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Speaking Species

Students create textured illustrations of endangered species in their environments with this lesson in ecology and scientific research.

  • Grade 5
    Grade 6
    Grades 7 and 8
  • Multiple Lesson Periods
  • Directions

    1. Introduce the lesson by reading “Parrots Over Puerto Rico” by Susan Roth and Cindy Trumbore. Discuss the historic and scientific issues raised in the book. According to the authors, what factors contributed to the near extinction of the Puerto Rican parrots? How is this near extinction an example of cause and effect? What other birds or animals do students know of that are endangered or have actually become extinct? Why is it important to try to prevent species from becoming extinct? How can the loss of one species affect others?
    2. Provide students with a list of endangered species. Invite each to select one to research. Ask them to find out enough to create an illustration showing the species in its environment. Students might wish to work in pairs for this project, to provide opportunity for discussion and a division of labor.
    3. Encourage students to examine the illustrations in “Parrots Over Puerto Rico” noting how much attention the illustrator paid to the environment as well as the parrots. What techniques do they think the illustrator used to create the colors and textures?
    4. Show students how to create textured papers using a mixture of Crayola® Watercolor Paint, Crayola Markers and other Crayola materials. Encourage them to experiment with various materials and papers. One interesting technique is to apply marker color to a white coffee filter and then crumple and wet it. Colors will “bleed” creating an interesting textural effect. Paper towels also absorb color in interesting ways. Another technique is to drop several different colored paints on a piece of paper and slowly stir them together which will create a marbled effect.
    5. Ask students to observe the many different cutting techniques Ms. Roth used to create leaves, feathers, and other shapes and textures. Encourage them to try some of these techniques themselves.
    6. When illustrations are complete, invite students to share them with their classmates and discuss how best to display them as a group to convey a message to visitors about the importance of conservation. Encourage students to write short paragraphs to display with their illustrations giving information about the species they researched.
    7. Provide time for students to mount the classroom display.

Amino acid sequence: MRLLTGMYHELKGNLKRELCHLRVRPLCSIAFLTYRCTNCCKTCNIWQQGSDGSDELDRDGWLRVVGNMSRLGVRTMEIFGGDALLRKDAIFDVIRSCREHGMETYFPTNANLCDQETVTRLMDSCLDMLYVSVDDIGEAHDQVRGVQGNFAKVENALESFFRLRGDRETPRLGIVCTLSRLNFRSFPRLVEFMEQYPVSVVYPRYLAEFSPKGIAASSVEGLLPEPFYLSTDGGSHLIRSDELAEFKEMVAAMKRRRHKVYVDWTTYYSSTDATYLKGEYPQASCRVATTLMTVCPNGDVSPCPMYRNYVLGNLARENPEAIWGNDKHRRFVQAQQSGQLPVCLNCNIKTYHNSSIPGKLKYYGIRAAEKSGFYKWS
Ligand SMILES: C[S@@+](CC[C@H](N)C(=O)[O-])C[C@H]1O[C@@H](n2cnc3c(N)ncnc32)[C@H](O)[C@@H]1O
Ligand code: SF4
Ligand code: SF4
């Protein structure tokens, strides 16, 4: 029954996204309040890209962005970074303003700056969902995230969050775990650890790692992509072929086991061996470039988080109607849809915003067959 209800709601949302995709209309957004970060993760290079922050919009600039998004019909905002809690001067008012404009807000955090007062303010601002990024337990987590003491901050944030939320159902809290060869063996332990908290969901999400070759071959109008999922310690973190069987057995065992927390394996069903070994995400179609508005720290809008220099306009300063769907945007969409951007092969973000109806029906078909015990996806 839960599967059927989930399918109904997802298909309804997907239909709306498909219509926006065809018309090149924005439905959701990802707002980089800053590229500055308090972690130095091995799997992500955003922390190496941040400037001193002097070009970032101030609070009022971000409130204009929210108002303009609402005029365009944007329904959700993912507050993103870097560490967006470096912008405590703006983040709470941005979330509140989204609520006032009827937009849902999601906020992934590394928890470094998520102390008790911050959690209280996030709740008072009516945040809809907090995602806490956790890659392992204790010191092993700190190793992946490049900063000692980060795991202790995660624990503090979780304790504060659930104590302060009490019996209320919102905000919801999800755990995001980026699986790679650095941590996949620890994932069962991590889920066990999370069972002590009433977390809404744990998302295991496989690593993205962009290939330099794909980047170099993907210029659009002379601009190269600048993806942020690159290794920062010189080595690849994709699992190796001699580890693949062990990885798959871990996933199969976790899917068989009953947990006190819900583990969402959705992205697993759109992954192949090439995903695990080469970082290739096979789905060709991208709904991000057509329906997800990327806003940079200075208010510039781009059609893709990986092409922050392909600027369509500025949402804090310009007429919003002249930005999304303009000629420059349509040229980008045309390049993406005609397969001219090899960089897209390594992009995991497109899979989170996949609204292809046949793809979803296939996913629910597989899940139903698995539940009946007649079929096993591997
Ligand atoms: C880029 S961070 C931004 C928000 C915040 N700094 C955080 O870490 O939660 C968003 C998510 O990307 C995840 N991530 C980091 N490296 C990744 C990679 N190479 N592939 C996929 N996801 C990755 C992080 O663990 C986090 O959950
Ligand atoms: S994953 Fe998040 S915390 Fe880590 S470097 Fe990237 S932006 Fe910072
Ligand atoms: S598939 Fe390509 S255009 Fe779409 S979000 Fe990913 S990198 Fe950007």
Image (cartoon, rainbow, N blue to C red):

• Standards

    LA: Analyze the structure an author uses to organize a text, including how the major sections contribute to the whole and to the development of the ideas.

    LA: Conduct short research projects to answer a question (including a self-generated question), drawing on several sources and generating additional related, focused questions that allow for multiple avenues of exploration.

    MATH: Understand that statistics can be used to gain information about a population by examining a sample of the population; generalizations about a population from a sample are valid only if the sample is representative of that population. Understand that random sampling tends to produce representative samples and support valid inferences.

    SCI: Cause and effect relationships may be used to predict phenomena in natural or designed systems.

    VA: select media, techniques, and processes; analyze what makes them effective or not effective in communicating ideas; and reflect upon the effectiveness of their choices.

    VA: Compare multiple purposes for creating works of art.

  • Adaptations

    Have students find Puerto Rico on a map. Based on their research, ask them to point out other areas of the world where endangered species live.

    If some students wish to work in small groups, suggest that they create two different illustrations: one showing the endangered animal in its current environment, and the other showing the impact the species’ extinction would have on that environment.

    Invite younger students to visit the classroom exhibit. Ask students to share information about the project with the visitors.

    In math class, discuss statistics related to conservation.

    Encourage students to find out about endangered species in their own locale. What can they do to help save this species? How can they help educate the public? Discuss the possibility of writing letters to the editor, congressional representatives, local nature centers, etc. Could students create an informative display for a local library or community center?

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